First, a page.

Aloe Vera has been used as folk medicine for skin irritations (and other purposes) for centuries. One of the earliest known writings to mention Aloe Vera was a Sumerian clay tablet, created in the city of Nippur around 2200 BC. However, the expansion of Aloe Vera to include burn treatment is attributed to Dioscrodies, a Roman pharmocoligist, in 50 AD. He cited many uses for the plant, including skin irritations and burns.
Egyptians are the first supposed people to use the healing effects of aloe vera over 4000 years ago, and the earliest record of it’s use is a Sumerian writing tabled dated at 2100 B.C. It was popular among Egyptian queens, notably Cleopatra, as it was a topical beauty product of the time.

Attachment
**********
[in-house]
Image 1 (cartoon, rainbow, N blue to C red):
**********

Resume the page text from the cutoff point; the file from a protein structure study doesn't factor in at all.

Greek and Roman doctors came to use it to heal patients as well. It was generally scoffed at by scientists of western cultures for being a folk medicine, but after World War II it’s popularity grew, as it could offset symptoms of eczema and asthma, as well as boost the immune system.
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